High and low blood glucose are a big part of diabetes. Here’s how to reframe them so that your mental health doesn’t suffer from ups and downs.
Imagine diabetes without the highs and lows – wouldn’t that be so much easier? Not having to get on the rollercoaster at all, just coasting along… Sounds like a dream!
Unfortunately, the unpredictability of blood glucose is the one constant in diabetes. Isn’t that annoying? Well, only if we expect it to be otherwise. Here’s how to reframe high and low blood glucose.
What is reframing?
Essentially, reframing is looking at a problem and redefining it. For example, you could look at a high blood glucose reading and beat yourself up about it – “Why didn’t I take the right amount of insulin? Why did I eat that? Why didn’t I carb count correctly?” Or you can look at a high blood glucose reading and see it as data that helps you make better decisions in future – “Huh, that’s interesting. It seems like when I eat that food and take that amount of insulin, I go high. I’ll correct that calculation next time.”
Reframing low blood glucose can be seen in the same way. Either you get frustrated and panicky when you see your blood glucose going low, then overeat and it shoots high again (sound familiar?) Or you see your blood glucose going low, calmly assess the situation, eat a pre-determined low snack, and see if that was enough after 15 minutes.
This might sound super-human, and some days it is! But if you set yourself up with the tools (and the right mindset) to approach highs and lows this way, you’ll have a much better chance of taking the emotion out of your blood glucose readings.
Tools to reframe
So what are those tools?
- Look at blood glucose readings as information, not value judgements.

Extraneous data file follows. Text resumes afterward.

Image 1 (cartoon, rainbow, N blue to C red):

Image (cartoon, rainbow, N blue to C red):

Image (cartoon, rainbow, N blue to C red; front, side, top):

You wouldn’t beat yourself up if you did the calculation wrong and a pot of rice boiled over, would you? So why beat yourself up if you do the calculation wrong and your blood glucose goes high or low?
- Assess the data.
When you have a quiet moment and your blood sugar is stable, look at your LibreView trends and see if you can spot patterns. Do you usually over-treat hypos? If so, choose a pre-determined low snack, and stick to that. It might be a juice box or 10 jelly beans or 5 Super Cs – test until you know what works for you. Don’t treat your hypos with food! It’s too unpredictable, and if the food is delicious you’ll eat too much of it.
Similarly, look at what happens when you go high. Do you usually over-inject and then go low? If so, log how much insulin you take when you’re high (in LibreLink), and adjust it.
- Act, don’t react.
This is only possible if you’ve taken the time to think through things before you’re high or low. You have the power to smooth out the rollercoaster – as long as you approach it with patience, knowledge and as little emotion as possible!
Reframe high and low blood glucose
Life coach Catherine Andrews (thesundaysoother.com) outlines different ways of thinking, and how to reframe.
What to read next?
SMART goals: what they are and why you need them. By defining your goals using SMART, you can break down exactly what you’d like to accomplish, when you’d like to accomplish it and how you plan on doing it.
The Type 1 diabetes toolkit: what you need to carry at all times
What is behaviour change? Here’s a simple explanation – and why you should care.
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